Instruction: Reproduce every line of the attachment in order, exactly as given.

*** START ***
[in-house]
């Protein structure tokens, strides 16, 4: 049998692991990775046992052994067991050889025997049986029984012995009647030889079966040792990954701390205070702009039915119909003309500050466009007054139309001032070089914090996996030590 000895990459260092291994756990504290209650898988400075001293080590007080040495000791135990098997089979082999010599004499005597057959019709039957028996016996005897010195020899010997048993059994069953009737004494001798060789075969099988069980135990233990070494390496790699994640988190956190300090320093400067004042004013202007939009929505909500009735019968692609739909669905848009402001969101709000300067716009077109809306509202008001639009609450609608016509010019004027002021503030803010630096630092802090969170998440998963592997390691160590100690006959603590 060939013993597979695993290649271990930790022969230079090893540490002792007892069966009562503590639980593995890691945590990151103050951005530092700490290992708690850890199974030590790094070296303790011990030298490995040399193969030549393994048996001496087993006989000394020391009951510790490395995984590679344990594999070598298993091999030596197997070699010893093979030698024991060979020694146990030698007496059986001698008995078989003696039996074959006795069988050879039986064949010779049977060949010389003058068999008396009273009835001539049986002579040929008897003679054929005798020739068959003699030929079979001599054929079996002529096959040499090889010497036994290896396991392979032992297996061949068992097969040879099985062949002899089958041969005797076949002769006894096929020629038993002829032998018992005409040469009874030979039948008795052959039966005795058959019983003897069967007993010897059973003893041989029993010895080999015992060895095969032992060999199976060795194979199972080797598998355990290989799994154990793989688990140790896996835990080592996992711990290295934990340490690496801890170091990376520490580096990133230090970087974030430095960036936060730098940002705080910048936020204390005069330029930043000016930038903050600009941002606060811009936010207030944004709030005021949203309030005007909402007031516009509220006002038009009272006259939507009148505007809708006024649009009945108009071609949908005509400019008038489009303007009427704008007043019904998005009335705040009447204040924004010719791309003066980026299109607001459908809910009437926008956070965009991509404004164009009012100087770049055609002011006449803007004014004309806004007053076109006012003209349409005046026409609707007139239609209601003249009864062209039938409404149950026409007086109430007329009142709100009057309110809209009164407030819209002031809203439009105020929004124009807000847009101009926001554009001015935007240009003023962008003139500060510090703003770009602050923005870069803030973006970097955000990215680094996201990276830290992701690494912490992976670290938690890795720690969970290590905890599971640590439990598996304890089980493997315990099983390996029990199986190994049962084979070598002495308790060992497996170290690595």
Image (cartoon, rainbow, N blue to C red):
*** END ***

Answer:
[in-house]
């Protein structure tokens, strides 16, 4: 049998692991990775046992052994067991050889025997049986029984012995009647030889079966040792990954701390205070702009039915119909003309500050466009007054139309001032070089914090996996030590 000895990459260092291994756990504290209650898988400075001293080590007080040495000791135990098997089979082999010599004499005597057959019709039957028996016996005897010195020899010997048993059994069953009737004494001798060789075969099988069980135990233990070494390496790699994640988190956190300090320093400067004042004013202007939009929505909500009735019968692609739909669905848009402001969101709000300067716009077109809306509202008001639009609450609608016509010019004027002021503030803010630096630092802090969170998440998963592997390691160590100690006959603590 060939013993597979695993290649271990930790022969230079090893540490002792007892069966009562503590639980593995890691945590990151103050951005530092700490290992708690850890199974030590790094070296303790011990030298490995040399193969030549393994048996001496087993006989000394020391009951510790490395995984590679344990594999070598298993091999030596197997070699010893093979030698024991060979020694146990030698007496059986001698008995078989003696039996074959006795069988050879039986064949010779049977060949010389003058068999008396009273009835001539049986002579040929008897003679054929005798020739068959003699030929079979001599054929079996002529096959040499090889010497036994290896396991392979032992297996061949068992097969040879099985062949002899089958041969005797076949002769006894096929020629038993002829032998018992005409040469009874030979039948008795052959039966005795058959019983003897069967007993010897059973003893041989029993010895080999015992060895095969032992060999199976060795194979199972080797598998355990290989799994154990793989688990140790896996835990080592996992711990290295934990340490690496801890170091990376520490580096990133230090970087974030430095960036936060730098940002705080910048936020204390005069330029930043000016930038903050600009941002606060811009936010207030944004709030005021949203309030005007909402007031516009509220006002038009009272006259939507009148505007809708006024649009009945108009071609949908005509400019008038489009303007009427704008007043019904998005009335705040009447204040924004010719791309003066980026299109607001459908809910009437926008956070965009991509404004164009009012100087770049055609002011006449803007004014004309806004007053076109006012003209349409005046026409609707007139239609209601003249009864062209039938409404149950026409007086109430007329009142709100009057309110809209009164407030819209002031809203439009105020929004124009807000847009101009926001554009001015935007240009003023962008003139500060510090703003770009602050923005870069803030973006970097955000990215680094996201990276830290992701690494912490992976670290938690890795720690969970290590905890599971640590439990598996304890089980493997315990099983390996029990199986190994049962084979070598002495308790060992497996170290690595």
Image (cartoon, rainbow, N blue to C red):